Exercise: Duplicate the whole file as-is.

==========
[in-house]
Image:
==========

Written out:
[in-house]
Image: